I recently re-read the Ten Commandments and a long section of levitical laws concerning sin, punishment, sacrifices, atonement, and the like. Perhaps a strange choice, but I felt compelled to take in the whole message of scripture, not just the stuff I like. Even though I’ve read these passages many times in the past, and grappled with the tough language and realities theologically, I found myself once again disliking the whole thing.
How could a good God make things so hard? So harsh? So prescriptive and restricted?
With a small bit of faith, I prayed and asked God to show me the arc behind it all. To reveal His heart to me. To let me see how Jesus fit into it all. I was skeptical.
God has standards that are incredibly high – unattainable really. He calls us into obedience to these standards. They’re for our good, though we don’t always see it. The payment He demands for punishment is very often immediate death, and always ultimate death. I wanted to stop there, be angry at this mean god, put the Bible down and walk away in the face of the harshness.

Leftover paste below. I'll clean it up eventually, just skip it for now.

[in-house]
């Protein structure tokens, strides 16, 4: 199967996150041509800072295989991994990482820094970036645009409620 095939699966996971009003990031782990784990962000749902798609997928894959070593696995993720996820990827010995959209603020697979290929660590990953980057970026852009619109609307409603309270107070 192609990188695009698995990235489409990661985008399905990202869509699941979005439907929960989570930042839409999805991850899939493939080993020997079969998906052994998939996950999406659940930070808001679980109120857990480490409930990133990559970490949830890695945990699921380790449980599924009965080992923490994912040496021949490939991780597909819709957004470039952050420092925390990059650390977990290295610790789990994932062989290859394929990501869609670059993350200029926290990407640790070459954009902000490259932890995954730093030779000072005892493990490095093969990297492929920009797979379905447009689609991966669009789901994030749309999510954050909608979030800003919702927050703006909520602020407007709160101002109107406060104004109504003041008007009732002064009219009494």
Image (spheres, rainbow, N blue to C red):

Then I was drawn back to the sacrifices read them again. And again. I realized that even before the laws were given, back to Abraham, God was showing a pattern. Ever since the beginning, because of His amazing love for us, he makes a way for this punishment not to kill us or destroy us.
With Abraham, instead of having to kill Isaac to show his obedience, God provided a ram. With the people of Israel, He demanded the punishment of death for many sins – but offered a way through sacrifices of atonement – the burnt offering and sin offering specifically, to be restored to right relationship with Him.
“So no,” God reminded me, “I’ve not harshly left you alone and destroyed. Though I am holy, and demand holiness, I have made a way for you.” This drew me straight to Jesus. The ultimate sacrifice for all our sins. It became so fresh and so real to me, all over again. It’s not just theoretical. God is holy. Our sin is real. It demands payment. And yet, “behold, the Lamb of God who takes away the sin of the world!”
Thanks be to God, who has made a way for us all.
Grace and Peace,